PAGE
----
Sunday, December 7, 2008

From the Drag Queen to the 7 dwarfs

Wow, it's been a long time again.

Quite an eventful two weeks actually, but let me start with Friday night last week...
Ting decided to take me out, and treat me for dinner and a show. When she told me it was in Orchard Towers I started to wonder if it was not one of Tinker's stupid jokes. For the folk who don't know, Orchard Towers is the place where prostitutes, lady-boys and the crowd that goes with them, hang around... The show is a stand up comedy by a humorist called Kumar.
Kumar is an Indian man's name, and I was expecting the usual Indian guy with his funny accent, well I was wrong. Kumar is a beautiful, tall, slim, with big eyes, long silk hair and cute expression; lady.... boy, man actually. Because he hasn't worked much on his voice and when you hear him, there is no mistake, at all.
I'm not going to tell you about the show, I don't want to spoil it for anyone, but it is very funny. He gets people on stage to do funny stuff and his stories are very colourful. By the way, don't take your children under 18 (21 for Singaporeans). So we had a really good time, and the dinner that was served before the show was very good (mexican food!).

Saturday, instead of doing house work, we decided to go out. And as we didn't want to shop, we did the second best thing in Singapore: trekking!
We departed for Mount Faber by MRT and from there there is a 9 km walk. We didn't finish it of course as we were expected for dinner for Ting's dad's birthday, I'll get to that after.
Nothing really special happened during the walk. We saw HUGE spiders on their web, tried to take photos but it's not very clear. Here is one of them.

And we went across a special bridge called "The waves". It's nice, apart from the splinters in my fingers resulting of my taking a picture on the floor. As we speak I still have these splinters, they're hard to take out of my hard Yeti's skin.

We finished the 4.5km in a cute little park and took a bus home.
Then dinner with the Tinker's family. Very good seafood place in east coast called Hawaï Beach or something. All the courses were delicious, with the prawn in XO sauce winning an award from Ting, she ate the whole dish almost by herself, barely leaving the heads to the rest of the table.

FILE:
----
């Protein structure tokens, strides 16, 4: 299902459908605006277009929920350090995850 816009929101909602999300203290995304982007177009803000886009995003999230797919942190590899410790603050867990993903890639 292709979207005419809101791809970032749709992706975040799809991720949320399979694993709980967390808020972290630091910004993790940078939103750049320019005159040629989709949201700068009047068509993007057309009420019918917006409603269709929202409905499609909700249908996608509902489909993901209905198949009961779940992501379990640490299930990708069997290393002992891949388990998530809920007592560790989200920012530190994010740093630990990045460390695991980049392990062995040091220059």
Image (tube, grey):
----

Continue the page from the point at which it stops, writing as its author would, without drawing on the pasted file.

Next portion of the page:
We went home not too late after this and were in bed early. Which is a good thing as at 8:30 the Sunday morning some loud music started at our block, and then this girl talking extremely loudly in a microphone... And as I was pestering and covering my head with the pillow she announced: "Everyone come to the Block Party at block 204!!!" I knew my Sunday morning sleep was lost and that the music wouldn't stop. So Ting and I went down to have a look. They had installed a stage and chairs and games for the kids and this weird Malay guy was singing Chinese songs in a joyful way. The show had started...

I took a few pictures of the Malay guy, of the games and the rest of the show (a puppeteer who had no idea how to speak to children was quite funny). You will find all the pictures in our Picasa link in the links. As I appeared in this Asian crowd I couldn't go unnoticed. As Ting puts it, I stick out like a sore thumb... So the lady host spoke to me. "Where are you from? You live here?"... Try to be discreet and the whole world sees you. I have to admit I quite like it.
The party lasted until the lottery was finished, at about 1pm. No one would have stayed any longer anyway, when you have something to win the Chinese will participate, once it's over no one is interested. We had one ticket, number 0148, which of course wasn't picked. The host had said she'd buy the ticket back from me if I didn't win, I'm still waiting for the money. Our afternoon following this seemed very quiet, plus I was really tired being deprived from my beauty, sorry Yeti sleep... Until my good old brother called me at 23:30 Singapore time to chat on webcam with my parents... I was pleased to see them mind, just a little sleepy.

That was our week-end. And back to work on Monday (yeah, you have to work as well in Singapore...)

Then Wednesday 3rd, we took Ting's little sis to see a pantomine, Snow White and the 7 Dwarfs. I'm saying we took Ting's sister cause I don't want to admit that I really wanted to go myself. I remember when my grandmother took us once in Scotland, it was Jack and the Beanstalk. I remember having a great time.
And in Singapore the traditions were respected. It was hilarious. Everyone, not only the children, were laughing. And the crowd was participating as well: "Don't eat the apple!! It's poisonous!! It's got Melamine inside!". And very critical toward Singapore's government and lifestyle (the dwarfs were not small, they were just ugly which is why they couldn't stay in the Kingdom, when you come here you'll know what I'm talking about). So each age group in the audience could take their own little favourite moments. Really a good time... hahaha.